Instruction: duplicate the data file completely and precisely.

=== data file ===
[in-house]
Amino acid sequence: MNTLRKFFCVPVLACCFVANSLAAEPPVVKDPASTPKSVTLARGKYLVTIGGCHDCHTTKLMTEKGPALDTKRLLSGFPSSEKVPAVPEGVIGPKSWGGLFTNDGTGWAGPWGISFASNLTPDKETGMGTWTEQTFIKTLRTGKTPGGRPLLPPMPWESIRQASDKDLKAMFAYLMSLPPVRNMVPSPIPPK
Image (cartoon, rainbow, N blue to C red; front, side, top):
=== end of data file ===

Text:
[in-house]
Amino acid sequence: MNTLRKFFCVPVLACCFVANSLAAEPPVVKDPASTPKSVTLARGKYLVTIGGCHDCHTTKLMTEKGPALDTKRLLSGFPSSEKVPAVPEGVIGPKSWGGLFTNDGTGWAGPWGISFASNLTPDKETGMGTWTEQTFIKTLRTGKTPGGRPLLPPMPWESIRQASDKDLKAMFAYLMSLPPVRNMVPSPIPPK
Image (cartoon, rainbow, N blue to C red; front, side, top):